Twin 4" Gun crew inaction

#1
Below is a picture of the twin 4" gun crew on Loch Killisport in action. Note the shell casing being discharged from the starboard or nearer breech.
The man with his back to us I believe was the POGI. The chap on the right holding a shell was "George Humble" a Boom Defence Technician(2) BT2. The fair haired guy furthest away is "Doc Halliday" a TAS(W) who was also employed on the squid deck from where this pic was taken. I cannot remember the other names. All circa 1963


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Nutty
 
#2
Brings back memories, one of my less pleasnat tasks as a mid was turret officer on one of those, clinging to a little platform on the outside of the blast shield (great place to be) peering through a cartwheel sight tryint to make sure the gunnery officer was not pointing the gun where he shouldn't be.

Bloody loud they were.

Peter
 
#7
Where are their fluffy ear muffs guys? 8O No one seems to be wearing any? :? And should they be handling live munitions without special armour on? :( ...And lifting gear to protect their backs from being strained. :roll: Ooooh the HSE would have apoplexy if they spotted that photo! :wink: :lol:
 

FlagWagger

GCM
Book Reviewer
#9
Always_a_Civvy said:
Where are their fluffy ear muffs guys? 8O No one seems to be wearing any? :? And should they be handling live munitions without special armour on? :( ...And lifting gear to protect their backs from being strained. :roll: Ooooh the HSE would have apoplexy if they spotted that photo! :wink: :lol:
My father was a tiff (spit) on the weapons side (I think his old-school designation was OA). He joined in 1950 as an apprentice and was let loose on the fleet around 1954. Until he became a Polaris sun-dodger around 1966, he worked on a variety of ships on the main weapons system of the time, ie guns. Now aged 72 he's showing the signs of the more relaxed H&S environment that then prevailed - to say he's hard of hearing is an understatement, but the most significant scar is on his left hand; the breech block of a 4" ish gun can be rather unforgiving when a middle finger is trapped - it took it off at the knuckle. Incidentally, being a sun-dodger didn't help too much on the personal health either - his optician reckoned that having been confined to a small tube for a couople of months at a time prematurely aged his eyes (due to their lack of use for long distances) requiring him to wear glasses earlier than he otherwise would.
 
#13
Nutty said:
Below is a picture of the twin 4" gun crew on Loch Killisport in action. Note the shell casing being discharged from the starboard or nearer breech.
The man with his back to us I believe was the POGI. The chap on the right holding a shell was "George Humble" a Boom Defence Technician(2) BT2. The fair haired guy furthest away is "Doc Halliday" a TAS(W) who was also employed on the squid deck from where this pic was taken. I cannot remember the other names. All circa 1963


[align=center]


Nutty
When the Mermaid was converted in 73/74 they fitted her with a twin 4'' from the mothball fleet...turned out to be the most accurate gun in the fleet...pissed all over the 4.5's .
 
#14
Nutty said:
Below is a picture of the twin 4" gun crew on Loch Killisport in action. Note the shell casing being discharged from the starboard or nearer breech.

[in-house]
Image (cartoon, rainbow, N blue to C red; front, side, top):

The man with his back to us I believe was the POGI. The chap on the right holding a shell was "George Humble" a Boom Defence Technician(2) BT2. The fair haired guy furthest away is "Doc Halliday" a TAS(W) who was also employed on the squid deck from where this pic was taken. I cannot remember the other names. All circa 1963


[align=center][




Nutty
The picture is back

Nutty
 
#15
FlagWagger said:
Always_a_Civvy said:
Where are their fluffy ear muffs guys? 8O No one seems to be wearing any? :? And should they be handling live munitions without special armour on? :( ...And lifting gear to protect their backs from being strained. :roll: Ooooh the HSE would have apoplexy if they spotted that photo! :wink: :lol:
My father was a tiff (spit) on the weapons side (I think his old-school designation was OA). He joined in 1950 as an apprentice and was let loose on the fleet around 1954. Until he became a Polaris sun-dodger around 1966, he worked on a variety of ships on the main weapons system of the time, ie guns. Now aged 72 he's showing the signs of the more relaxed H&S environment that then prevailed - to say he's hard of hearing is an understatement, but the most significant scar is on his left hand; the breech block of a 4" ish gun can be rather unforgiving when a middle finger is trapped - it took it off at the knuckle. Incidentally, being a sun-dodger didn't help too much on the personal health either - his optician reckoned that having been confined to a small tube for a couople of months at a time prematurely aged his eyes (due to their lack of use for long distances) requiring him to wear glasses earlier than he otherwise would.
Missing finger tops was quite common amongst 4" gun crews, the GI that tought us 4" drill at Dartmouth had lost the middle and 4th finger tops, claimed it made the 'half a tot' sign much easier, and sometimes more effective.

For submariners it was the top of the index finger that had a tendency to get lopped, trying to align periscopes with the pin brackets to secure them in the up position for maintenance or for the part three officer to go down the well to recover the parralell ruler.

Peter
 
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